As long as I can remember in my 40 years on Earth, conservatives have claimed that the "mainstream media" is liberally biased and cannot be trusted to be objective. This has spawned a sprawling conservative media ecosystem - Daily Wire, Daily Caller, Brietbart, Fox News, Pluralist, The Federalist, etc. - which views itself as a bulwark against the onslaught of liberal media. There's a really big problem with that claim, though - there's really not much evidence for it outside of peoples' own perception. You probably would not be surprised to learn that most of what is viewed as "biased" depends strongly on one's political leanings. Worse, it's essentially an unfalsifiable claim. During the 2016 elections, Snopes was widely derided as a "liberal" news source despite the fact that it's simply a fact-checking website that cites all of its sources in every article. Conservatives even think Wikipedia is liberally biased , and I'm

Ben Shapiro and the culture of conservative privilege

I remember reading the quote in which Ben Shapiro said "People who are poor their entire lives are just bad with money." Then there was the classic that if sea levels rose and started flooding homes in coastal cities, people could just "sell their houses and move" because apparently Aquaman is in the homeowners market (thanks, hbomberguy ). And then recently was the comment that if a job isn't paying a living wage, you should just go get a higher paying job - like higher incomes are something you just go out and get, like milk and cheese or a MAGA hat. Shaprio called working for less than a living wage " a you problem ." The stupidity and willful ignorance of such comments should be so obvious as to not even require discussion. And yet, here we are. And tempting though it may be to pin Shaprio as uniquely obtuse, these comments show a trend that's prevalent in right-wing media: the struggles of the poor and working class are consistently framed as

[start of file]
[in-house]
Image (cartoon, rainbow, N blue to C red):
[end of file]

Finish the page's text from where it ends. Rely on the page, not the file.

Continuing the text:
Ballsy idea of the day: "the mind" does not exist

I have this crazy, far-out idea: we should stop talking about "the mind" as though it is some kind of object or thing that has to be "explained." The problem is that conceptualizing mental phenomena as "the mind" presupposes that there are properties distinct from the physical brain - i.e., mental properties - that need to be explained in some way. Here's an alternative. Instead of characterizing mental processes as "the mind," we can use the empirically-responsible term: cognition . Cognition is the process  of brain activity. It includes perception, language, metaphor, memory, and decision-making. Why is this little semantic change a big deal? Because cognition is an empirical, scientific term. It accounts for all the above phenomena - all the things we associate with conscious experience. They are all derived from neurological activity in the brain. With this conceptual reframing, we can do away with a few superfluous assumptions tha

Some follow-up reflections on William Lane Craig's response to my post

After writing my post yesterday, I was thinking about some of the things Dr. Craig said in his response to me. The more I thought about them, the more I started to think I may have been a little too kind in my response. Craig employed a few tactics that I frankly find to be disingenuous - the kind of thing someone might do if they want to 'win' on rhetoric without substantively addressing the arguments at hand. 1. His own comments were vague, and he leveraged that ambiguity to assert that his point was "obvious." Craig's basic argument was that in principle , no physical object can exhibit "intentionality." But that's not what he said; instead, he mentioned simple objects like chairs and rocks, and then referred to the human brain - the single most complex biological object known to exist - as a "gob of tissue." I'm not sure why he would take that course if the complexity of physical objects wasn't part of his argument. He cou